I’m used to printmaking books for kids, and printmaking books for folks who, like myself, have the equivalent of an art degree in printmaking, but rarely do books successfully span the full range of printmakers, from novices and hobbyists to professional artists and everyone in between. This new printmaking book is great for folks wanting to buy or make all the authentic tools to do Japanese traditional woodblock printing. And, for people with less money or time to spend on learning this form of printmaking, the author, April Vollmer, provides a lot of great information that can be easily applied to using cheaper materials, and even to doing decidedly non-traditional printmaking of a sort that kids and new printmakers could easily master.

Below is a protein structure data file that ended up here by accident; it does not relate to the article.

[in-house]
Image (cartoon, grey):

For artists who just want to add a new technique or a different perspective to their own established methods, this book offers lots of ideas, and a lot of color images of the artist’s finished work to inspire her readers to come up with their own original pieces. Reading this book felt a lot like being in a graduate printmaking master-class, a particularly fun master-class where I might actually use the stuff I learned, and could see how what I was learning could inspire new artwork, even without having to go out and buy a lot of new art supplies.
The book itself is very nice. The text is readable, the instructions are well illustrated, and the examples of the author’s finished artwork make this a fun book to browse even when one is not looking to read or try out the techniques. My copy, which I received free through the publisher’s Blogging for Books program, is hardbound and has a lovely feel to it, which seems appropriate considering the elegance of the traditional Japanese craft and techniques this book is inspired by. I would definitely recommend this book to anyone interested in printmaking.